Why am I doing this? I want the surface of the ellipsoid to be the "physical" boundary or limit of the implicit surface...that is, when E = Q (center of ellipsoid), then the implicit surface generated with the algorithm will be similar to that of the ellipsoid....BUT, when E is not equal to Q we should have some interesting surface that will be enclosed by the ellipsoid boundary surface but may or may not be similar in shape to it.
Using E as the start of the vector V, let's see how the equations change:
ellipsoid: X^2 / A^2 + Y^2 / B^2 + Z^2 / C^2 = 1 vector V = P - E ray equation: P' = E + V * t
then M = E + V * t = E + (P - E) * tm
Potential = S * (1 - (r/R)^2 )^2
where S is now the maximum strength of the blob at point E (before, it used to be at center of ellipsoid).
r = mag (P - E) R = mag (M - E)
Substituting M = E + (P - E) * tm into the ellipsoid equation:
let D = P - E
(Ex + Dx * tm )^2 / A^2 + (Ey + Dy * tm )^2 / B^2 + (Ez + Dz * tm )^2 / C^2 = 1
and rearranging
(Dx^2/A^2 + Dy^2/B^2 + Dz^2/C^2) * tm^2 + 2 * (Ex*Dx/A^2 + Ey*Dy/B^2 + Ez*Dz/C^2) * tm + Ex^2/A^2 + Ey^2/B^2 + Ez^2/C^2 = 1
This one is a tad more complex than the other one. Now solve the previous equation for "tm" (select the positive value) and find M using:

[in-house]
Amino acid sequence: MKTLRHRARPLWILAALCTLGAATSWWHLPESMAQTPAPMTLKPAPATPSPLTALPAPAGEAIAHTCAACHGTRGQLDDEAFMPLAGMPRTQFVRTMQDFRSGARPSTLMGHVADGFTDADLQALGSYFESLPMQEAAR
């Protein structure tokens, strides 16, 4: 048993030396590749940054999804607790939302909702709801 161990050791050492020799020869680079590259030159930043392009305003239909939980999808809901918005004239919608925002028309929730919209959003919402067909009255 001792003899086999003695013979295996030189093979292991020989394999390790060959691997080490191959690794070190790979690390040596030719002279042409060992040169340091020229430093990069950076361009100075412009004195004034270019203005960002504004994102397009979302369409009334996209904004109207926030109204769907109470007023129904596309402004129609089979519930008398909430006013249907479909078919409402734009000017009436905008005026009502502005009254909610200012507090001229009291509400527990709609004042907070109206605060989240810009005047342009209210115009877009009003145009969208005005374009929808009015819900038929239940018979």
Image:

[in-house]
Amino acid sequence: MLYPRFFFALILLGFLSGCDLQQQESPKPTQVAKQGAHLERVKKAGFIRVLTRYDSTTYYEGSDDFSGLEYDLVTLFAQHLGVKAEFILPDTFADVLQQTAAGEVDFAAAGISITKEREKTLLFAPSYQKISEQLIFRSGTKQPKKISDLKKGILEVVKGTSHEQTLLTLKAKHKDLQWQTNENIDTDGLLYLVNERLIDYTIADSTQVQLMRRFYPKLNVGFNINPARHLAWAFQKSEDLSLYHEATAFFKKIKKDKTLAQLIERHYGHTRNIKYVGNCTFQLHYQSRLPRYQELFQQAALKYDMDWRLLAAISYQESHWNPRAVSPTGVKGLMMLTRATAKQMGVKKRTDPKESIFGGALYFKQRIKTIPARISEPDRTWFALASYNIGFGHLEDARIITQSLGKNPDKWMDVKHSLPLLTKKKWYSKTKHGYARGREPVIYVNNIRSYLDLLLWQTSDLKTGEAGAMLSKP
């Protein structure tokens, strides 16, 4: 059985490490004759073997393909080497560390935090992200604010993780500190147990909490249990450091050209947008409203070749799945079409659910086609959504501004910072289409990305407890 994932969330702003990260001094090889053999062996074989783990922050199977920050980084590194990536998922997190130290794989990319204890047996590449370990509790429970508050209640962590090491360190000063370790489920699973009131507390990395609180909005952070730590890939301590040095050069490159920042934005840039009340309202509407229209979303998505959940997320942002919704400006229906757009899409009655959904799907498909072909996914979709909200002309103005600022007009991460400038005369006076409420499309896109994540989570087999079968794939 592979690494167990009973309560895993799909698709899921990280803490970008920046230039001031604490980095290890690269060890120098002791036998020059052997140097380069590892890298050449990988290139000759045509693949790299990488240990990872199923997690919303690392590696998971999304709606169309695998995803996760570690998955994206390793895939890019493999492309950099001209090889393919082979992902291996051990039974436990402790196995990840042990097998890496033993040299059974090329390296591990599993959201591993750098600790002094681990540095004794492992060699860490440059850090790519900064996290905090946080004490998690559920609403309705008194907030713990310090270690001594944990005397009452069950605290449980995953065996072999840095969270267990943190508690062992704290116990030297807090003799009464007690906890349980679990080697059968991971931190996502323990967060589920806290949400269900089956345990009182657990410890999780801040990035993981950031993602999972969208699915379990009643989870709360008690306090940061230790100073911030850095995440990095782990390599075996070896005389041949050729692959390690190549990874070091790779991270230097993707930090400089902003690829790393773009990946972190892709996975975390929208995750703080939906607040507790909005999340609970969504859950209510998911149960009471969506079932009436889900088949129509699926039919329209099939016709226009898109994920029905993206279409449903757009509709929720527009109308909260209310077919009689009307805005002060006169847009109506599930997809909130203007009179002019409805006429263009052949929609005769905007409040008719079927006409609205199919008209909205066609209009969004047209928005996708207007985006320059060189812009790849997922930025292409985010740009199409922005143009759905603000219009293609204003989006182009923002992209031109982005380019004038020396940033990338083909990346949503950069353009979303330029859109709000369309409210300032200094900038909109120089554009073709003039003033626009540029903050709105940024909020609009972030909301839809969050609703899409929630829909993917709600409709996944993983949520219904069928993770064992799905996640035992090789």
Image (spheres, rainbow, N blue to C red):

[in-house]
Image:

M = E + (P - E) * tm
Since we know points M, P, E, and the strength value S, solve for "r" and "R" and use equation (6) to find the potential value of test point P.
If this new style ellipsoid is rendered as an implicit surface at a potential of 0 it won't look a bit different than a standard ellipsoid. Where it gets interesting is when the surfaces at potentials greater than 0 are used, and when such ellipsoids are blended with other primitives. The isosurfaces radiate out from point E instead of the geometric center of the shape.
If you try this out you'll see that we have now broken the symmetry of the potential value. If you plot the change of potential across one of the axes, in the standard method, the peak of the potential distribution was located at the origin, now with the new method, the potential has a peak, offset at a distance equal to mag(E - Q).